All of the aforementioned reasons result in grand openings and /or expansion projects of hospitals and other types of healthcare centers to meet the increased demand from potential patients and clients. If the population in a particular city is increasing at a fast pace, healthcare facilities need to be built to accommodate all the potential people who will eventually seek care.

REASON 18: A healthcare career can personally fulfill employees.

Many healthcare workers and providers find that a career in the healthcare field is personally fulfilling. When working in some healthcare roles, there can often be very intimate involvement in some of life’s most transforming moments. Some of these moments include childbirth, impending death, and everything in between. For some healthcare workers, the fulfillment they receive is invigorating in the best way possible.

Call the Legacy Healthcare Careers CNA School at (682)626-5266 to ask about enrolling in either the 7-day CNA program, the 2-week CNA class, or the 3-week CNA course in the Dallas /Fort Worth area of Texas. It is your choice. In addition, feel free to visit the school’s informative website at www.LegacyHealthcareCareers.com to find out more information about the school’s affordable nurse aide training programs. Jump-start your legacy!

Reasons to Consider a Healthcare Career (Part Five)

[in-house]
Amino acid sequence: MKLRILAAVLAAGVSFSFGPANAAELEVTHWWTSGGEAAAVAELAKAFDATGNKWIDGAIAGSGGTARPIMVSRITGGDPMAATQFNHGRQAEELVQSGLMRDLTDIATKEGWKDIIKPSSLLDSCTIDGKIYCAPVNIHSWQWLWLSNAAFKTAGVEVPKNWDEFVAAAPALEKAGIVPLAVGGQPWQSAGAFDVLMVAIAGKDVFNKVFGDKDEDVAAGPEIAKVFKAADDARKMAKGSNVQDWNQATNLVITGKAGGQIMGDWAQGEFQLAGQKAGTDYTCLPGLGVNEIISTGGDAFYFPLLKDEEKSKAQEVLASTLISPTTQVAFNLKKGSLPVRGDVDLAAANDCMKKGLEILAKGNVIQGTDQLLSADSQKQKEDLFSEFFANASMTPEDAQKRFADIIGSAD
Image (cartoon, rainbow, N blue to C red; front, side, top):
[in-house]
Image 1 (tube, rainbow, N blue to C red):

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NOTE: This piece is the fifth in a six-part essay that aims to further explore many of the key reasons to seriously think about paving a career pathway in the healthcare field. Click here to read the first blog post in this seriesClick here to read part two, and click right here to read part three. Finally, click here for parts four and sixEnjoy!

There’s a whole host of undeniably great reasons to fit a healthcare occupation into one’s future career aspirations. Parts onetwo, three and four of this six-part series of postings brought some desperately needed light upon a number of compelling reasons to consider a dynamic career in the healthcare sector.

Moreover, there’s more great news. This is due to the fact that some additional reasons exist for entering the ranks of the burgeoning healthcare industry. Continue reading to find out even more information about the myriad of wonderful reasons to have a healthcare career in the 21st century. This career information may or may not transform someone’s professional and personal life for the better.

REASON THIRTEEN: Healthcare workers tend to have comfortable, nice workplace environments.

The working environments of most healthcare workers are rather desirable places of employment due to cleanliness and image grooming for the public. The majority of people who work in the healthcare field report to places of employment that are cleaned on a routine basis, ergonomically designed for comfort, climate-controlled and welcoming to employees, patients, vendors and visitors.